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Irish university students turning to prostitution to fund studies

Irish university students turning to prostitution to fund studies

Female students at an Irish university are turning to sex work to help fund their studies, a report has claimed.

The university and College Union and the Students' Union claimed some PhD students at Queen's University Belfast are being paid below the minimum wage.

One anonymous submission states that postgraduate women felt there was "little choice" but to go into sex work due to financial adversity.

These students are frequently "from working-class backgrounds" with "no access to credit", it said.

Some 250 of Queen's 1,365 postgraduate student population replied to the survey, which was hosted online by UCU.

PhD study is the highest level of study that can be taken at university level. A full-time standard postgraduate research tuition fee, for a student commencing study this year, is £4,121 (€4,616). Some 40% of respondents said they are expected to undertake unpaid work such as office hours, meeting students, replying to student emails, marking essays and extra work for their supervisor.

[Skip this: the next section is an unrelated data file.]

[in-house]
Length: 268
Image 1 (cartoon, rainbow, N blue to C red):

The report claims there is no standardised pay across departments, with fees for marking "normally around £3 (€3.35) per exam and anywhere from £4 to £11 (€4.50 to €12.32)  to  per assignment."

It states that the average hourly pay for teaching time is £33 (€37) a hour. However, with preparation time factored in, some students are "not receiving the minimum wage for each hour they work (£6 (€6.72) compared with £7.20 (€8.06))."

Each teaching assistant is spending "an average of 5.5 hours per week preparing for their class", the report adds.

Other issues of concern raised include lack of payment, late payment, unrealistic workloads with tough deadlines, poor support for disabled students and threats of contract termination to students who challenge poor working conditions.

UCU and Students' Union have made four key demands from the university. These include no more unpaid marking of exams or assignments and a ban on unpaid office hours.

They also want payment for work, reflecting the time taken to do it, and a fairer pay scale for various tasks.

Dr Fabian Schuppert, who is president of UCU at QUB, "hopes that Queen's will take the concerns the report raises seriously".

He said: "The demands the report sets out are very reasonable: no unpaid office hours. Fair pay for the time actually spent on tasks. That does not seem too much to ask for."

A spokesperson for Queen's refuted that PhD students are undervalued.

They said: "The most recent Postgraduate Research Experience Survey recorded an overall satisfaction score of 82.8% by Queen's students. These satisfaction levels do not accord with the findings publicised by the UCU.

"In particular, the university takes the issue of student welfare very seriously and is proud of its record in this area."

Belfast Telegraph